Why and when startups should look to diverse sources of capital

Venture capital is a popular source of capital for early-stage startups, but it’s definitely not the only one. Debt is an increasingly popular alternative, as is non-dilutive, revenue-based financing.

So, we invited Accel Partner Arun Mathew, Clearco co-founder and president Michele Romanow, and Pipe co-founder and co-CEO Harry Hurst to TechCrunch Disrupt 2021 last week to discuss the various ways companies can raise capital and which might be the best avenue for startups. (Hurst unfortunately had a power outage so was not available for the entirety of the panel).

ClearCo offers revenue-based financing and Pipe has built a trading platform that matches investors to startups with predictable recurring revenue. Both companies have raised large sums of venture capital themselves, some might say ironically. But Romanow and Hurst were emphatic in their belief that venture funding and other forms of capital don’t have to be “mutually exclusive.”

“I actually think the biggest companies in our portfolio are broadly using multiple, different pools of capital,” Romanow said. “I would encourage you to do your research on what type of capital is good for which particular stage of the company you’re in, and which particular purpose you’re using it for. And if you do that, I think you’ll find that you’ll end up being a lot less diluted at the end of the day. And you’ll actually find more leverage over time that will allow you to scale a lot faster.”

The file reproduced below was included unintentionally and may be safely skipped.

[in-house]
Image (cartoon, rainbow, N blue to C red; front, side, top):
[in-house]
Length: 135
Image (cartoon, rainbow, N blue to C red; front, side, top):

Mathew argued that the majority of startups are actually not a great fit for venture investment. “Venture investment is expensive, and depending on who you raise from, it comes associated with certain expectations,” he said.

Romanow pointed out that whether a founder should opt for venture capital or other types of financing largely depends on what they are planning to use the money for. For example, if a startup were looking for capital to spend on inventory and advertising, then venture dollars wouldn’t be the best fit. “It really doesn’t make sense to give up valuable equity at an early stage to do something that’s a repeatable and scalable expense with a fixed return,” Romanow said.